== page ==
Q & A: On taking up space.

By | February 4, 2010

The questions keep coming, and I am trying my best to provide my own plucky brand of homespun wisdom and advice. Want to join the conversation? Click over to my formspring.me page and read the 75 mostly-anonymous questions and answers I’ve posted so far, or ask me a question of your own. Below, I answer a recent question about size and space.

Q. How can I reconcile taking up more space? The hardest part for me, and what can easily derail my day, are the bus rides to and from work. My esteem can be pretty well massacred by the realization that people don’t want to have to be near me.

A. The issue of space — and how much space we’re individually entitled to, and how some folks resent our taking more than our so-called fair share — is so common, and it’s unavoidable for any of us who use publicly-shared transporation, including commercial air travel. I used to joke that if I wrote a fat memoir, I’d want to call it Adventures in Space, because so much of being a body of a certain size in public is about negotiating spaces that are sometimes just too small for us. Booths in certain restaurants, squeezing between clothing racks in a store, theme-park rides: all of these represent scenarios some fat folks have to think about a lot harder than smaller people. And I know, all too well, how a bad experience on the bus or train can ruin a morning, or a day or a week.

Here are some tips in list form:

1. It isn’t about you. It’s not. The people throwing shade your way don’t know a damn thing about you; they’re blinded by their own assumptions, which say more about them than about you, by far.

2. Or, it IS about you, but not how you think. I fly several times a year, and occasionally find myself on not-full flights. More than once I’ve had a seatmate rocket to an empty seat next to a smaller person, and had to fight the urge to take it personally. Until on one flight, a woman seated next to me asked a flight attendant if she could move, and before she did, she paused to tell me, very kindly: “I’m not moving because I don’t want to sit next to you, but I think you will probably be more comfortable if I do.” Oh, I almost cried! It was such a simple, judgment-free acknowledgment of the limitations of space on an airplane. It’s cramped. It’s uncomfortable even for smaller people, and worse still for those who are fat or tall (or both). Assuming that everyone is looking at you with disgust will only make you feel badly, and more than that, it’s probably not universally true.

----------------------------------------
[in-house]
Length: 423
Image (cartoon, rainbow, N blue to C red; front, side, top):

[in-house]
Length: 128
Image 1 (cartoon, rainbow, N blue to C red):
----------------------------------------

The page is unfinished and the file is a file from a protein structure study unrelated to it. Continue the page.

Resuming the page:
3. Even if you are getting legitimate bad vibes from someone, you cannot, in the moment, amend the space you occupy. In other words, you canna change the laws of physics, captain. You will take up the same amount of space whether you are anxious and uncomfortable, or relaxed and unapologetic. Remember this and try not to get bogged down in those negative emotions; they don’t help the situation, and only make you more self-conscious. Some people will project their own expectations onto you no matter what you do, but you don’t have to soak them up; they may impose negativity on you, but that doesn’t mean you have to accept it. Wear headphones, read a book, tune them out, live your life.

Never regret the space you take up. Occupying space is an inexorable part of existing, and regretting it or feeling guilty about it can take a tremendous and exhausting emotional toll over time, as you are, in essence, allowing yourself to feel badly about being in the world. The stranger on the bus who might make you feel badly will likely forget the encounter as soon as he or she gets to work, if not sooner; you shouldn’t carry it around with you either. If someone doesn’t want to be near you, focus on the bright side, remember who you are, and that you’re more than what they see… and enjoy the extra space.

Comments are closed.